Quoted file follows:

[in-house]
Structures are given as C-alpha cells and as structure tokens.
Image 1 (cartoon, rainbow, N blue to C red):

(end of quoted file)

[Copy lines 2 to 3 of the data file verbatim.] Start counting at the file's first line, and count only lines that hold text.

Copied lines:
Structures are given as C-alpha cells and as structure tokens.
Image 1 (cartoon, rainbow, N blue to C red):